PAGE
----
Sunday, December 2, 2012

Closing tabs: Following up on Twinkies and the Wixom plant

Time to do what I did on my LiveJournal for more than a year--write about tabs and windows that I'd had open for a while so that I could close them and move on.  Today's installment involves Detroit Free Press articles and a WXYZ video about two topics, one I've blogged about here recently and another that I blogged about at LiveJournal three years ago.

First up, a link to an Associated Press article, so no quoting, that confirms what I've been saying since January; Twinkies and the other Hostess products are still valuable and someone will make them.

Bidders for Hostess virtually assure survival of Twinkies

The good news is that there are 110 bidders.  The bad news is that the incompetent executives who ran the company into the ground will be eligible for $1.8 million in bonuses if they meet their liquidation goals.  Meanwhile, the 18,000 workers will still lose their jobs.  Ugh, vultures.

Second, here's what I wrote about the Wixom Ford plant three years ago.

Detroit Free Press: 'Green is the new gold' in Michigan
In its heyday a generation ago, the Ford Motor Co. assembly plant at the Wixom Road exit off I-96 employed 5,000 people. About two years after it shut down, the 320-acre site is coming back to life as the home of several government-subsidized manufacturers of alternative-energy products, such as solar panels and the batteries to store the sun power that such panels capture.

That doesn't mean 5,000 people will ever be working there again. But 3,000 is within the realm of possibility if the alternative-energy center grows as projected over the next several years. More important, though, the developments at Wixom and other projects now sprouting up around the state signal that Michigan is earnest about becoming a hub of alt-energy and related technology -- a field with a future.

It won't be the next auto industry. But it will be around -- and it's growing. Michigan cannot afford to be left back as global demand grows for energy from sources other than oil, driven by costs, conservation and concern about climate change. China, for example, is aggressively pursuing a plan to get 15% of its electricity from renewable sources, mostly wind, by 2020, and expects to spend $190 billion to do it.
It turns out that didn't quite go as planned, as the Detroit Free Press reports.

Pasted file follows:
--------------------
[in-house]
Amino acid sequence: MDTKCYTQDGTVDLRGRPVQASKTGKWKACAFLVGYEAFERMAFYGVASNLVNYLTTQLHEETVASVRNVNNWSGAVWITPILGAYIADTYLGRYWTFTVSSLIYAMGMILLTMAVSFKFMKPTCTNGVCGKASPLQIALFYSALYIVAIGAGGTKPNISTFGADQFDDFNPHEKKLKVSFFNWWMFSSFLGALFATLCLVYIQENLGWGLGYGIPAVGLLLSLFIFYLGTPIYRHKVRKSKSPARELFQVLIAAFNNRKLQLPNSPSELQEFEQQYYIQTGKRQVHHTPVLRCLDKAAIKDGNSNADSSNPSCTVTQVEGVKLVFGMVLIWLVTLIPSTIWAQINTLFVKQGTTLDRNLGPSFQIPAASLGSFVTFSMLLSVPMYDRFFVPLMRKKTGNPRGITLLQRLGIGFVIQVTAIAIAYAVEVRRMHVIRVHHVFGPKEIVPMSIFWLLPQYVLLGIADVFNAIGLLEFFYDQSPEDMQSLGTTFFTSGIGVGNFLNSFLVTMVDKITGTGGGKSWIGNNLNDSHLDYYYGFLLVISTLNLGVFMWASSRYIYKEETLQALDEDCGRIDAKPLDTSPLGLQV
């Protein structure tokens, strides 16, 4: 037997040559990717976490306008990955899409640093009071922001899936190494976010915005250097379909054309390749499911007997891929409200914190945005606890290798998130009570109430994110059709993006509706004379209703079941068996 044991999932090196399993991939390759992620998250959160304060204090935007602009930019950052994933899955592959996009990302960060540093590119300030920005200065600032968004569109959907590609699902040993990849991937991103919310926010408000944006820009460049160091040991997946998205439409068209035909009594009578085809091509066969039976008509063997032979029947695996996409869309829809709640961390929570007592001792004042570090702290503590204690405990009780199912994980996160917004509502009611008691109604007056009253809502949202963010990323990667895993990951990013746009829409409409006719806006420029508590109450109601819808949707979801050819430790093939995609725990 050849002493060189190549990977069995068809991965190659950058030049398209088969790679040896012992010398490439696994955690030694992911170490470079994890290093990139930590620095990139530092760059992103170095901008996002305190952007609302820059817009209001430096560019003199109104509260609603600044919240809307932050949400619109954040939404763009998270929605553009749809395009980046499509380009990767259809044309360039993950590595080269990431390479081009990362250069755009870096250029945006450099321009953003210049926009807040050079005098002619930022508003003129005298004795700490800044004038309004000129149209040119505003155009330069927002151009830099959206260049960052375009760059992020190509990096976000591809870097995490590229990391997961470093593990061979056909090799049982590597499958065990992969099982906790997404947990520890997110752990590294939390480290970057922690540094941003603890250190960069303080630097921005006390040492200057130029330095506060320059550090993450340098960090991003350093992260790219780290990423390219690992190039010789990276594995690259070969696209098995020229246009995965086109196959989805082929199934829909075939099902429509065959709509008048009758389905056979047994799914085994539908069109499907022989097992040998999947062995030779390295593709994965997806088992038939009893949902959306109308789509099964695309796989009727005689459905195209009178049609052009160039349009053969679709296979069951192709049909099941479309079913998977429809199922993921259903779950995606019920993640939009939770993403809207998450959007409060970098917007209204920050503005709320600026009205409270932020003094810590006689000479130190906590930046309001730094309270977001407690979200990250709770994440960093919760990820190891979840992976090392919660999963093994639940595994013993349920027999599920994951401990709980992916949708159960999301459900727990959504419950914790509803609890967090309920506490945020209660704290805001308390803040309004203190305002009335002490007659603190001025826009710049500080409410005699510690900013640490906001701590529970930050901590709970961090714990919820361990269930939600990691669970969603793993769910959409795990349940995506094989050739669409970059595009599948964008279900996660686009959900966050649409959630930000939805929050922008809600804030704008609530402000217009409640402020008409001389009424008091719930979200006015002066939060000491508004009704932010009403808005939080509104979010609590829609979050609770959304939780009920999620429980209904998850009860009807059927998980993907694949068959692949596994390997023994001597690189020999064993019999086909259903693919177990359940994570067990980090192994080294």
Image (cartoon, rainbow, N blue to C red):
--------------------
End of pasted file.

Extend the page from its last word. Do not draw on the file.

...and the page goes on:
Strip mall retail is a much different redevelopment prospect for the site than was envisioned three years ago, when then-Gov. Jennifer Granholm joined Executive Chairman Bill Ford to announce the possibility of a $725-million renewable energy park with as many as 4,300 new jobs.

That project was to be anchored by battery maker Xtreme Power of Austin, Texas, and California solar company Clairvoyant Energy. But those ambitious plans fell apart by spring 2011, when the two companies failed to obtain about $500 million in financing from the U.S. Energy Department.
Yes, you read that right, "strip mall retail."  Instead of using all the property for a green industry, Ford is going to use some of the land for a big box store--more suburban sprawl, anyone?
The automaker's real estate arm is in talks with home improvement retailer Menards to purchase a 45-acre section of property close to I-96 off Wixom Road. The Wixom City Council recently agreed to Ford's request to split that parcel from the 317-acre site, in addition to sectioning off a landfill area at the back of the property.
For what it's worth, while the article points out that this would be the 23rd Menards store in Michigan, it would be the first one in Metro Detroit.  Menards' own store locator shows the nearest locations to be in Toledo, Jackson, Lansing, and Flint (actually Davison, but close enough).  The store will have plenty of competition nearby, as there is already a Home Depot on the other side of the freeway and a Lowes one exit to the west, but I've seen Lowes and Home Depot right next to each other with enough business for both.  As long as business as usual (BUA) continues, this is likely to be a viable proposition.  Let's see how long BUA lasts, as these aren't BUA times.

Demolition has already begun, as this raw WXYZ video shows.

Ford tears down part of shuttered Wixom plant.

Not all hope for a green energy plant is lost, as the Free Press notes.
But a separate, high-tech prospect for the old plant could still be in the works. Last year, Townsend Energy Solutions of Hunt Valley, Md., proposed opening a manufacturing operation at Wixom for, among other things, producing energy-efficiency products for fuel-efficient vehicles. The project was forecast to create 36 jobs in its first year and perhaps 875 jobs over five years.

The Michigan Economic Growth Authority board approved multiple rounds of tax credits for the project: a $6.3-million tax credit and two, $10-million brownfield tax credits. These tax credits are only to be used for industrial purposes -- no retail.
No manufacturing, no tax credits.  That should be enough incentive for a green energy factory to be built, even if it's only on part of the land.

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